The week mum went on strike!: Ever wondered what would happen if you downed tools and refused to clear up after your ungrateful brood
00:29 GMT, 23 October 2012
01:11 GMT, 23 October 2012
The soggy bath towel dumped on the landing was my tipping — or tripping — point. I’d just spent the last three hours cooking dinner, scraping food from plates, loading the dishwasher, picking up socks, school shoes and books, and arrived at the top the stairs with an armful of children’s detritus when I fell over it.
‘Who dropped a towel here’ I bellowed. ‘Oh yeah, me, sorry,’ came a nonchalant voice from the attic room, above the sound of gunfire from the Xbox ‘shoot-em-up’ game in which my son Joe was immersed.
There was no attempt to pause his game and come downstairs to retrieve the offending towel. Somehow, he assumed, it magically would find its way back onto the rack — like towels always seem to do in our house.
Detritus: Julia Lawrence at her home one week after going on strike from doing the housework for her children Joe and Lois
Dump: By days four and five the lounge and kitchen were branded 'utterly disgusting' by Julia
The bathroom itself resembled a crime scene: steam billowing, walls dripping, grey sludgy water dammed in the shower tray by a clod of slimy hair, and there, on the floor, two perfect replicas of my children — their discarded clothes lying like a couple of destuffed scarecrows.
I was furious. What was going on here Somehow, I’d become a skivvy, trailing behind Joe, who’s 12, and his 15-year-old sister Lois, as they discovered new ways to turn our lovely, scrubbed and orderly North London terrace house into Steptoe’s yard .
I’d nagged, shouted, pleaded, offered money, withdrawn money, and piled on pretty pathetic emotional blackmail: ‘Mummy’s been working soooo hard all day, all she wants to do is sit down and have a glass of wine.’ But nothing seemed to work.
All the parenting manuals and websites spout the same advice on this subject: teenagers should be given their own space and have their privacy respected, but in communal areas, they should be taught certain standards are expected.
Pocket money should be rewarded for completed tasks and chores, with clear boundaries set and adhered to.
Spick and span: Joe, 12, in his room as it appears when mum tidies it
What a difference a week makes: Joe's room just seven days after his mother downed tools and left him to fend for himself
But nowhere is there a manual explaining what to do in households where both parents work, making time a precious commodity, and where the mother is a border-line clean-freak obsessive, with no patience at all.
Yes, I could spend an hour with my arms crossed, sighing irritably while my children make a complete fist of changing a duvet cover, before handing over 5 cinema money. But that’s one wasted hour out of a weekend that I don’t get back.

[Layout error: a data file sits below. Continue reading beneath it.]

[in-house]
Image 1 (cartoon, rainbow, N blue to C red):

And besides, Lois and Joe broke my code years ago: if they do a bad enough job of something, I’ll usually wade in and do it myself. Hence, I spend most evenings tidying up after everyone, whingeing and nagging all the while.
‘Don’t do it then,’ Lois snapped testily that evening as I moaned about having to clean the bathroom.
Normally this would have sparked a door-slamming row, but this time it set me thinking.
Last week, Canadian mother-of-three Jessica Stilwell became a national hero when she went on cleaning strike for a week to teach her children a lesson.
Orderly: This picture show how 15-year-old Lois' room normally looks thanks to Julia's efforts
Did a bomb hit it: Lois surrounded by the mess she refuses to pick up after her mother stopped doing it for her
Without telling her three girls —12-year-twins and a ten-year-old — she vowed to do ‘no picking up, cleaning, reminding or nagging’ for six days, and documented the mounting mess on her blog.
She still cooked and did laundry, but anything her children could easily do themselves, but neglected to — such as tidying up after themselves, putting their plates in the dishwasher and stowing dirty clothes in the laundry basket — she wouldn’t do.
And after six days, her children were so sick of the mess, they cleaned up themselves. Result!
And as I flopped exhausted on the sofa at 10pm, still in Marigolds and worksuit, I decided it had to be worth a shot. I was going to go on strike for a week, too.
Of course, like Jessica, I needed the collusion of my husband, John. He agreed to not pick up after the children either — something I knew he wouldn’t find too difficult.
Although he’s no slob, he doesn’t seem to find their slovenly ways as offensive as me, and his own standards occupy a slot a notch or two lower down the tidy scale than mine.
We wouldn’t announce the strike, we’d just see what happened. Would a week wallowing in their own mess and chaos reboot Lois and Joe’s dormant tidy gene and give me back my life
Day one of the strike passed as normal. Lois and Joe clattered out the house for school at 8am, leaving behind cereal bowls and juice glasses on the coffee table in the lounge.
Overflowing: Dirty cutlery, plates, cups, food containers and glasses pile up
Clutter: The mess grows and grows as Julia sticks to her guns and staunchly refuses to clean up after her children
With enormous effort, I ignored them, placed my own breakfast plate in the dishwasher and headed out to work. Of course, the children’s bowls were still there when I got back that night.
The evening shower followed the same depressing pattern — clothes and damp towels left where they fell, the laundry basket not being troubled by any offerings of underwear.
After dinner, I said nothing as their dirty plates were dumped onto the kitchen worktop next to the dishwasher. And nothing was said the next morning when the children came downstairs to breakfast to be confronted by the congealed remnants of last night’s meal.